two real estate agents negotiating

Real Estate Negotiating Tips for Savvy Agents

Do you want to have the reputation of being a real estate agent who works hard for their clients? Then make sure you have killer negotiating skills. 

(Don’t worry! Like any other skill, negotiation techniques can be learned!)

Before we give you tips on improving your negotiation techniques, take time to complete this visualization exercise. 

View a real estate negotiation like a Venn diagram. (A Venn diagram uses circles to represent the similarities and differences between two concepts.) 

In our example, one circle represents the buyer’s best interests, and the other represents the seller’s best interests. 

Where the buyer’s and seller’s interests overlap are the zone of possible agreement – or bargaining zone. A positive bargaining zone exists when the terms the buyer and seller are willing to agree to overlap. A negative bargaining zone exists when there is no overlapping zone. 

Finding a positive bargaining zone is part of the negotiation process. 

With that in your mind, here are some real estate negotiating tips for savvy agents like yourself. 

Understand the climate of the local real estate market.

Knowledge is power in negotiations. But this means you need to do more than simply find comps for the property.

You need to know how long the property has been on the market and the average market time for similar homes. 

Research other similar properties currently on the market – and how this property compares.

You must know about other costs, including property taxes and homeowner association fees. 

And, of course, you must understand the local real estate market. This requires research and study. You need to understand the nuances of each neighborhood – and what’s new on the horizon. 

Knowledge will give you confidence when it comes to real estate negotiating. Give it a try!

Practice different scenarios before you negotiate.

Think of all the proposals and objections the other side will likely put forth during negotiations. You’ve been on the other side of the table before, so it shouldn’t be hard to imagine what the buyer or seller will ask for during this process. 

For example, if the buyer is concerned about the roof’s age, consider what you will offer to put their minds at ease. Have several alternative solutions in your back pocket.

If the seller doesn’t want to come down on price, be willing to walk away. Don’t let unrealistic sellers force your clients to concede on an overpriced home. 

Of course, discuss these scenarios with your client before the negotiation process begins so they are comfortable with your strategies.

Learn as much as possible about the buyer’s and seller’s situations.

The more you know about the other party, the higher your chances of succeeding during the negotiation. 

For example, a buyer may be willing to pay more if their current lease will soon end. A seller might be more inclined to negotiate if there’s no one local to oversee the sale. 

Consider the use of an escalation clause.

Many communities are experiencing a seller’s market, meaning homes in desirable areas receive many offers. If you represent a buyer in one of these markets, consider an escalation clause to give your client the best chance to win a multiple-offer situation. 

Here’s how an escalation clause works: “Sam and Diane Smith’ are willing to pay $5,000 more than your highest written offer, but not to exceed $550,000.” Of course, the seller must provide the buyer with a copy of the highest written offer for this to work.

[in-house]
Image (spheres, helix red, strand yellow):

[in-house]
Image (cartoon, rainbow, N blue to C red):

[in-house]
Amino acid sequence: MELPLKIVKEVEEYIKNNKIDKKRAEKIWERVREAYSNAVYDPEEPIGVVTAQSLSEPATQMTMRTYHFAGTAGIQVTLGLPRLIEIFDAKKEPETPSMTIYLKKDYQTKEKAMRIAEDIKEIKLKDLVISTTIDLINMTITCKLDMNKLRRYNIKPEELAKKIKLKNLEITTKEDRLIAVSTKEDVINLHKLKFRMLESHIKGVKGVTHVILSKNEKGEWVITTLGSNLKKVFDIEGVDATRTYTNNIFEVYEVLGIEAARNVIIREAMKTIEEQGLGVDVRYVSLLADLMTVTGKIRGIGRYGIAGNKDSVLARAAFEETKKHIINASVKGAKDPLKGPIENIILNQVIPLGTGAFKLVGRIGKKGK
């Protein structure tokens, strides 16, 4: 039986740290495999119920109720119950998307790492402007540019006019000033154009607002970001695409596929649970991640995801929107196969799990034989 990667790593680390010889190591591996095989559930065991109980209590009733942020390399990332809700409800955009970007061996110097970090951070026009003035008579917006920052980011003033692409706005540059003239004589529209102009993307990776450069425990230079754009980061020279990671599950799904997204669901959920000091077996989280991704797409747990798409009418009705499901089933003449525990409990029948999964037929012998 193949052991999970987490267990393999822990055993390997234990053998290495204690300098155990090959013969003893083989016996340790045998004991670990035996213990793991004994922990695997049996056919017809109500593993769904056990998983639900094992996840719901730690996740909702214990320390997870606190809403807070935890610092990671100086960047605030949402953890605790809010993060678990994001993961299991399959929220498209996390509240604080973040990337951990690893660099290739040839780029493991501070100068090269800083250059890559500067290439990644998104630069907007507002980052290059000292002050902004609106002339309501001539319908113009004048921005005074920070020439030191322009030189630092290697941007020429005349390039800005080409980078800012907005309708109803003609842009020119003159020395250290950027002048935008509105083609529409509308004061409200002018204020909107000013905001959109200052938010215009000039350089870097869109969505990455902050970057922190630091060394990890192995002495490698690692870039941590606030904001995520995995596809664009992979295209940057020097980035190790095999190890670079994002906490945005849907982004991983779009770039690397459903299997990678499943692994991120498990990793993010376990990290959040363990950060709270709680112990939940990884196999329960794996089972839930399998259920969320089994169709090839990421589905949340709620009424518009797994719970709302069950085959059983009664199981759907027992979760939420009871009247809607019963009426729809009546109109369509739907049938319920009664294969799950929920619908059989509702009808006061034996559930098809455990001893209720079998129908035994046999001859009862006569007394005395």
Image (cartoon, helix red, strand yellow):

Learn the real estate negotiating style of other listing agents.

Over time, you’ll get to know your target area’s real estate movers and shakers. But until you do, keep notes on each Realtor’s working style. For example, do they respond better to calls, texts, or emails? What is their negotiation style?

With that said, experienced real estate agents often like working in person or over the phone because there is a freer flow of information during an in-person conversation instead of a text exchange. 

During a conversation with the seller’s agent, you may be more likely to find out the terms the seller needs, such as a fast close or contingency to find a new home. 

Try your hardest to stay calm during negotiations.

We certainly know that this tip is easier said than done. But to improve at the negotiation table, you must learn to keep your poker face—no matter what the other side throws at you.

This may be extremely difficult for some of you. But as a real estate agent, you will encounter bullies who want to intimidate you. Do your hardest not to get rattled by these below-the-belt tactics. 

Be truthful in all of your business dealings. 

Lies will always be discovered. As a local real estate agent, you need to protect your reputation because without it – you’re nothing. 

When others know you are an agent with integrity, your real estate negotiating will go much smoother.

Keep learning. 

The best teachers, dentists, welders, and real estate agents keep growing in skill and knowledge. Be the best real estate agent you can be by learning more about real estate law, market cycles and trends, and negotiation strategies. Colibri Real Estate can help.

You may have used Colibri Real Estate (formerly Real Estate Express) to earn your real estate license. But it’s important to know that Colibri Real Estate offers helpful resources for every stage of your career.

Are you looking for the best real estate continuing ed courses? Or are you thinking about upgrading your license? Maybe you want to read about real estate trends. Colibri Real Estate can help you with each of these goals. 

Colibri Real Estate and our partners offer CE credits for every state. We can help real estate agents in nine states upgrade their licenses. And you can read about what’s new in the real estate community by browsing our Career Hub

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